It wasn’t exactly a hit single but he was making a point. Our children are not stupid, but we often treat them as if they are, and even worse, sometimes we make them that way. For instance, when my oldest was in 1st grade and just learning about holidays, which were very exciting since they included lots of activities in class, and days off from school, she asked about Martin Luther King Day. Her teacher explained that a long time ago black and white people weren’t allowed to be together. Martin Luther King Jr. thought this was wrong and helped get those laws changed so we could all be together. It was a nice age appropriate story, except is was horribly misguiding.

It was misguided not only in this instance but also in that this foundational error rarely gets corrected throughout the entirety of most American kid’s classroom education.

The soft pedaling of lessons on American racial history is damaging because we do everything we can to remove perpetrators. There are great injustices in history, and those who suffered through them did some amazing things in overcoming thanks to remarkable leaders like Fredrick Douglass, Rosa Parks, and Abraham Lincoln. But somehow, these injustices just were. No one did them, it wasn’t anyone’s fault, it was just the way things were. When contrasted with the Revolution caused by King George and Redcoats, and world War II caused by Hitler and the Japanese, it is silly to think Jim Crow was created by a cow jumping over the moon. Yet that is pretty much how we explain it.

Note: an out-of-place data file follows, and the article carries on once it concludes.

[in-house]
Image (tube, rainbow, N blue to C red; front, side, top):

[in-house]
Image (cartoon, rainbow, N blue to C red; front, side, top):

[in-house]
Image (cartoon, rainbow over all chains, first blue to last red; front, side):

So we can’t blame the youth when they don’t learn.

But kids grow into adults and we often hang on to what we learned when we were little. It is important for people to know, and not just in light of current political atmosphere but because it is the truth, that those laws were made by white people. Those Jim Crow laws were made by white people who at best were trying to protect their own position and possessions with complete disregard for black people, or at worst, with the intention of hurting and repressing black people. The makers of those laws represented and were what made up “America”. That was us.

My eight year old understands this. She is old enough to get it. She is also old enough to understand, but still be shocked by, the knowledge that when Martin Luther King, and a whole lot of other people, started working to change those laws, it was the police who tried to stop them. She got a new respect for MLK once she realized how dangerous it was to stand up for rights. After seeing photos of police dogs and fire hoses my little girl paused for a minute, thinking. She looked sort of sideways at me, her white father, and asked, “was it dangerous for white people too?”

Great question.